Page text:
Reynolds masterfully uses a sequential account of the one-game playoff between the Red Sox and Yankees that would decide the American League East to pace his story’s advancement, while otherwise freeing himself for extemporaneous exploration of race, busing, and baseball in Boston . There’s an inherent risk of chronologic tedium in any book named after a year, but he sidesteps this by popping up and down a time continuum as his subjects dictate. Readers become modern-day Billy Pilgrims as we visit Carl Yastrzemski in his transforming 1967 campaign, then again in his alienated rookie season of 1961, before swinging back to Fenway Park in time to see him take Ron Guidry deep for a 1-0 lead to start the bottom of the second.

And, like Billy Pilgrim, we’ve seen our death a thousand times over the last 31 years, yet we’re inexplicably compelled toward it with each turn of the page. My hands were sweating as Yaz awaited a 1-0 offering from the struggling Goose Gossage in what would be the final at bat of this remarkable season, as if he somehow was not going to pop the next pitch up to Graig Nettles.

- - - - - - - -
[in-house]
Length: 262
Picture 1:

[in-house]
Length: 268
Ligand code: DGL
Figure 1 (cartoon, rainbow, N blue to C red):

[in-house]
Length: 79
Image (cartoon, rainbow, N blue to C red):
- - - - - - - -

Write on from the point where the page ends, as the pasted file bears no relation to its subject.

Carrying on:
For me, a good book is one that entertains and educates, and ’78 does both. Not being a Bostonian, I was ignorant of the forces pitted against each other during this dark time in the Athens of America. Nor did I have an accurate recollection of the waning days of the 1978 season, or of how the one-game playoff unfolded, having tucked the episode away in the bottom drawer of a chest full of ill memories. But Reynolds made me relive it all, and for that I’m grateful.

Aside from an unscheduled tour of the Boston music scene of the sixties and seventies that I feared would cause me to miss the ninth inning, my only issue with this book is one of modest redundancy. Some similes are tested, whether you’re a fly ball away from the Boston Common, a jump shot away from the Boston Garden, or a popup away from Kenmore Square. But even in apparent weakness lies strength; his knowledge of the city and its history that is interwoven throughout his story give Reynolds additional tools to plant you in 1970s Boston.

I’m not sure the Nation could have handled Reynolds’ account before 2004, but after a couple of World Series titles we now have a safe word to escape the world into which he has so vividly dispatched us. If you can handle a day when winning wasn’t the norm, spend next weekend in ’78.